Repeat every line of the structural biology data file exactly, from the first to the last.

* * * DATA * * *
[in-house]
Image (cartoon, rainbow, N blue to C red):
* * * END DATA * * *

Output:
[in-house]
Image (cartoon, rainbow, N blue to C red):